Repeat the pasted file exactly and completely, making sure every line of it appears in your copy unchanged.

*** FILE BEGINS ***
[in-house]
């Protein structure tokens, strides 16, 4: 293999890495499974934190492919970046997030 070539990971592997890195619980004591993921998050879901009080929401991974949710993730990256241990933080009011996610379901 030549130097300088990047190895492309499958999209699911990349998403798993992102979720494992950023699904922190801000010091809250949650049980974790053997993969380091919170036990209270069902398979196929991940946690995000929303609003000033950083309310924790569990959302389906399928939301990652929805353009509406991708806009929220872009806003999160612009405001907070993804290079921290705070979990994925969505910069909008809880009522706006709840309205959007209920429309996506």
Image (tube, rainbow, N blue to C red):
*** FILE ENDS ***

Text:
[in-house]
């Protein structure tokens, strides 16, 4: 293999890495499974934190492919970046997030 070539990971592997890195619980004591993921998050879901009080929401991974949710993730990256241990933080009011996610379901 030549130097300088990047190895492309499958999209699911990349998403798993992102979720494992950023699904922190801000010091809250949650049980974790053997993969380091919170036990209270069902398979196929991940946690995000929303609003000033950083309310924790569990959302389906399928939301990652929805353009509406991708806009929220872009806003999160612009405001907070993804290079921290705070979990994925969505910069909008809880009522706006709840309205959007209920429309996506």
Image (tube, rainbow, N blue to C red):